Christian woman gives part of her pension money to hard up families near Colombo
Silva decided to financially help five families. With food prices staying high, people continue to protest. Today, a human chain demanded the resignation of the president and the prime minister.
Colombo (AsiaNews) – “Our country is going through a very difficult period. But as Christians, this is the best time to bear witness to life,” said Silva, 71, a retired teacher who lives near Kandana, in the diocese of Colombo, speaking to AsiaNews.
“I am a widow and thanks to the Lord I receive my pension," she noted. “My two daughters have also married and are doing well, so they don't need me to take care of them. Every month I spend some money on charity. This time I gave to those struggling to survive.”
For months, the capital Colombo has been the scene of anti-government rallies with protesters calling on the cabinet to resign because of runaway inflation. In mid-April, Sri Lanka declared default on its debt.
Today, activists and members of civil society groups formed a human chain stretching from the residence of Prime Minister Ranil Wickremesinghe in Temple Trees to the iconic "Gota Go Gama" camp, an area not far from the office of President Gotabaya Rajapaksa.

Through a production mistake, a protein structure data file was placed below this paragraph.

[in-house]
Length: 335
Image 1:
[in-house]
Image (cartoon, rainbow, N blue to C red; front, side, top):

Several times in recent weeks she has found herself having to be selective when buying food. “My expectation was to buy as much food as possible with my financial means, but food prices have gone up manifold,” Silva said.
"Since there is no gas or kerosene, people get a thousand rupees (US$ 2.75) to buy firewood. I donated 50,000 rupees (US$ 140) to five needy families. I gave up some of my comforts, but I did it willingly", she explained. Thus, “I was able to bear witness to my Christian life and I hope that this will be an example to my children and students."
It is clear however that donations alone are not enough to solve the current crisis in the country. "I think that those who understand the country’s real situation should get together and oppose the government,” Silva said.
According to the Department of Census and Statistics, the bottom 20 per cent of the population earned only 17,572 rupees (US$ 50) per month in 2019, the next 40 per cent earned 26,931 (US$ 75).
The median monthly household income three years ago was 76,414 rupees (US$ 215). In the current economic crisis, this figure is considered insufficient to guarantee three meals a day.